Think about safety

during boating season

It was a cold Saturday in April. My wife and I put on long underwear, thermal shirts, boots and life vests and headed out in the 16-foot skiff to fish near Ludlum Bay. We threw out the anchor and cast our hooks into the water. No fish bit.

In the distance we saw a fisherman in a kayak capsize. The water was 49 degrees.

"Little help," the man cried out.

We pulled in the lines and headed toward him. We got him in the boat, tied the kayak with a tow rope to the transom and took him to his car.

In 2012, the U.S. Coast Guard reported 4,515 boating accidents that claimed the lives of 651 people. Another 3,000 people were injured.

These statistics and our fishing trip tell me that if we all used a little more common sense, if we slowed down when approaching other boats or structures, if we listened to the forecast and if we stayed sober, a lot of these accidents could be avoided.

As captains, we are obligated to help those in distress, and that makes perfect sense. We are equally obligated to do everything in our power to avoid emergency situations so that we don't put ourselves or anywhere else in danger.

Our Saturday, despite the cold and the lack of bites, was a beautiful day on the water. It was also a good day to remind ourselves to check the charge on the VHF, make sure the flares are up-to-date, check the wires on the bilge pump and call someone to let them know when we're going out and when we'll be back. It all increases the chances that we'll be back to fish another day.

NATE HOUSE

Delmont

Remember Tillman

as an American hero

On April 22, 2004, an honorable young man with the truest sense of discipline and loyalty made the ultimate sacrifice for his country.

Disturbed by the attacks of Sept. 11, 2001, Pat Tillman gave up a professional football career to join the Army Rangers. He was a voracious reader and a scholar with a 3.84 grade-point average. He was an All-American football player who led his school to within three points of a national championship.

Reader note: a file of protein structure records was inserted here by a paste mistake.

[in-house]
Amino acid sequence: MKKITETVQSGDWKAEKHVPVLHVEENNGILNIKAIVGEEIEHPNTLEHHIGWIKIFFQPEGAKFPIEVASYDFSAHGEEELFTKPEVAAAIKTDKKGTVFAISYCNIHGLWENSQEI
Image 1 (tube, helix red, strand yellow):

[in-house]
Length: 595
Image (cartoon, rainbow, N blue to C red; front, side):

When he entered the Army Rangers in July 2002, Tillman reluctantly became a symbol for Americans wanting to avenge 9/11. But he did not want to be used for political purposes. He had strong reservations about the invasion of Iraq and planned to meet with political activist Noam Chomsky. But he passed on an offer to be excused from the second half of his three-year commitment and return to the National Football League, which would have made him wealthy. Four months later, as the result of his superiors' bad decision to split his platoon, Pat was shot by fellow platoon members.

The Bush administration and the Army kept the fact that Tillman was the victim of friendly fire from his family and the nation for five weeks. His family fought for years to get the truth from the Army. No high-ranking members of the Bush administration were held accountable for the coverup.

Tillman's story is detailed in the documentary "The Tillman Story" as well as in the books "Boots on the Ground by Dusk" by Mary Tillman and "Where Men Seek Glory" by John Krakauer. During April, please take a moment to reflect on this great American who made the ultimate sacrifice for us all.

JEFF LEHMAN

Northfield

We should all help

those fighting addiction

Regarding the April 13 editorial, "Fighting heroin addiction/Rehab beds needed":

As the CEO of the John Brooks Recovery Center, I am greatly saddened and angered by the heroin usage and overdose epidemic and the local response. This editorial talks about the need for treatment beds while letters are printed comparing recovering addicts to garbage.

We stand back from "those people" as if any of us are immune from addiction. I would hope that after decades of fighting the war on drugs, we would have at least learned how pervasive the problem is and would embrace those pursuing recovery.

But just the opposite occurs. We have municipalities operating as medieval fiefdoms, galvanizing the populace against the expansion of treatment for addiction.

Once again we hear the rallying cry of "Not in our town. It's bad for business," as if gun violence and drug dealing are not bad for business.

We continue to fail to make the connection between drug addiction and the rapidly growing violent underground economy. Who will stand up against the prejudice generated by fear and ignorance? Who will speak up for those seeking a way out from addiction?

ALAN OBERMAN

CEO

John Brooks Recovery Center

Atlantic City